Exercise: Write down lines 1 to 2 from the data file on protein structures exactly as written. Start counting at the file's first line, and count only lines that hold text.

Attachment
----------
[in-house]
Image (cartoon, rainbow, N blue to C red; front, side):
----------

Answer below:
[in-house]
Image (cartoon, rainbow, N blue to C red; front, side):